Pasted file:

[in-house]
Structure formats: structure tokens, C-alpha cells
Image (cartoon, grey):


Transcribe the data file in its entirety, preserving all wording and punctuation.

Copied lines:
[in-house]
Structure formats: structure tokens, C-alpha cells
Image (cartoon, grey):